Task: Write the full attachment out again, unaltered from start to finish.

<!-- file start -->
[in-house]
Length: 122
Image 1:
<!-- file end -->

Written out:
[in-house]
Length: 122
Image 1: